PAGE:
Survivor supports heart aid

Tim EdmundsAlbany Advertiser
St John volunteer support paramedic Bridget Eckersley and cardiac arrest survivor Marcelle Cannon.
Camera IconSt John volunteer support paramedic Bridget Eckersley and cardiac arrest survivor Marcelle Cannon. Credit: Albany Advertiser, Laurie Benson

Marcelle Cannon owes her life to a group of courageous and capable strangers — and a little device known as a defibrillator.

The Albany mother of two was only 150m away from finishing her seventh Rottnest Channel Swim in February when she collapsed, sparking a rapid response to save her life.

Little did she know at the time, the timeliness of the response from surf lifesavers gave her the fighting chance of surviving a cardiac arrest.

Mrs Cannon attracted the attention of surf lifesavers on a paddleboard who began CPR and carried her to shore where an automatic defibrillator was immediately used which she credits for her survival.

Four months on from the near-death experience, Mrs Cannon said the Albany community having better access to defibrillators was crucial with even supermarkets now having the technology.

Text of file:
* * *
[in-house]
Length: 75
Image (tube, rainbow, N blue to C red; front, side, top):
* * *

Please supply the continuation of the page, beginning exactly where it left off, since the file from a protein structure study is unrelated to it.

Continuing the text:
“When I was recovering I started to look at the stats on people surviving in the community after suffering cardiac arrest and they aren’t that high, but the stats go up a lot more if people do have access to defibrillation,” she said.

“The timeliness of the response I had meant I didn’t lose any cognitive function or physical function so if you can CPR for a couple of minutes and then have access to a defibrillator within that four minutes then the amount of lives you can save is incredible.”

The Great Southern has the second-highest rate of cardiac arrest in WA, a statistic which led to the start of a new St John Ambulance program called the Heart Project which aims to put 60 per cent of Albany residents within four minutes of a defibrillator.

Mrs Cannon supported a Coles partnership with the Heart Foundation to put defibrillators to all Australian stores within a month.

“I’ve had family members experience cardiac arrest,” Mrs Cannon said. “For me I could see for what is a small investment and doesn’t take much to train people in, it could save so many lives.”

St John volunteer support paramedic Bridget Eckersley said having the devices in prominent places would save more lives.

“We now have in excess of 3300 locations across WA where defibrillators are registered with our 000 call centre, which means they can be accessed quickly in the event of a 000 call,” she said.

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